Top management recognizes that marketing requires more accountability than in the past. “Marketing Memo: Major Marketing Weaknesses” summarizes companies’ major deficiencies in marketing and how to find and correct them.
To succeed in the future, marketing must be more holistic and less departmental. Marketers must achieve wider influence in the company, continuously create new ideas, and strive for customer insight by treating customers differently but appropriately. They must build their brands more through performance than promotion. They must go electronic and win through building superior information and communication systems.
The coming years will see:
The Marketing Excellence Review: Best Practices
- The demise of the marketing department and the rise of holistic marketing
- The demise of free-spending marketing and the rise of ROI marketing
- The demise of marketing intuition and the rise of marketing science
- The demise of manual marketing and the rise of both automated and creative marketing
- The demise of mass marketing and the rise of precision marketing
To accomplish these changes and become truly holistic, marketers need a new set of skills and competencies in:
- Customer relationship management (CRM)
- Partner relationship management (PRM)
- Database marketing and data mining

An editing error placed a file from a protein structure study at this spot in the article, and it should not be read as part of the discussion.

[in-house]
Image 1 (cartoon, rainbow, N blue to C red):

- Contact center management and telemarketing
- Digital marketing and social media
- Public relations marketing (including event and sponsorship marketing)
- Brand-building and brand-asset management
- Experiential marketing
- Integrated marketing communications
- Profitability analysis by segment, customer, and channel
MARKETING MEMO Major Marketing Weaknesses
A number of “deadly sins” signal that the marketing program is in trouble. Here are 10 deadly sins, the signs, and some solutions.
Deadly Sin #1: The company is not sufficiently market focused and customer driven.
Signs: There is evidence of poor identification of market segments, poor prioritization of market segments, no market segment managers, employees who think it is the job of marketing and sales to serve customers, no training program to create a customer culture, and no incentives to treat the customer especially well. Solutions: Use more advanced segmentation techniques, prioritize segments, specialize the sales force, develop a clear hierarchy of company values, foster more “customer consciousness” in employees and company agents, and make it easy for customers to reach the company and respond quickly to any communication.